Professor Jeffrey Bellin has joined the ranks of authors on the prestigious Federal Practice and Procedure treatise published by Thomson Reuters. The treatise, commonly identified by the names of its original authors, "Wright & Miller," is regularly relied on by courts, practitioners, and scholars alike.
In a tribute to one of those authors, Charles Alan Wright, Supreme Court Justice Ruth Bader Ginsburg praised Federal Practice and Procedure as follows:
[Wright], and the excellent co-authors he has attracted to compose and maintain the over fifty-volume treatise, daily affect the substance and style of federal judging and judgments across the country. Federal Practice and Procedure is by far the most-cited treatise in the United States Reports; it has been called the procedural Bible for federal judges and those who practice in our federal courts.1
Bellin's contribution is an entirely new volume, Volume 30B, covering the federal hearsay rules. Thomson Reuters published the volume in October 2017, replacing a previous two-volume ("interim") treatment of the topic. Bellin is the volume's sole author, although it is styled "Wright and Bellin" to parallel the other treatise volumes, and pay tribute to the treatise's co-founder, who passed away in 2000. "Wright and Bellin" on hearsay is now available in law libraries across the country and through online legal research services like Westlaw.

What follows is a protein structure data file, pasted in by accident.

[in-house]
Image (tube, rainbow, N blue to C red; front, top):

Part of what attracted Bellin to the multi-year project is the notoriously-challenging task of clarifying hearsay doctrine. As he explains in the preface to the volume, "Hearsay is commonly viewed as the most difficult topic in the rules of evidence, and one of the most perplexing in all of law." It is, in short, an area where a successful treatise volume can be particularly impactful.
Bellin provides an overview of his approach to the project in a preface to the volume.
The complexity of the topic requires precision, close attention to the text of the rules, and a firm grasp of the big picture. When the Seventh Circuit states: 'A vast literature attempts to explain the complex edifice of American hearsay law' - the key word is 'attempts.' Lots of people talk about hearsay. Judicial opinions are replete with efforts to interpret the doctrine. But too much of what is said is wrong or incomplete. With every imprecise description and incorrect statement, the problem worsens. It is not enough for a treatise on hearsay to simply report what all these voices are saying. The key for a treatise author is to summarize the law on the ground, while paring back the weeds that rise up, or at least pointing out their unsightly appearance.
The discussion that follows attempts to add value by precisely describing the 'complex edifice' of the federal hearsay rules. It does not shy away from the most difficult areas of hearsay doctrine and it resists the urge to simply point out grey areas and move on. Courts and attorneys operate in the real world where hearsay objections must be either sustained or overruled. The real world requires answers not merely criticism of those who are required to give those answers.
1 Ruth Bader Ginsburg, In Celebration of Charles Alan Wright, 76 Tex. L. Rev. 1581, 1583 (1998).
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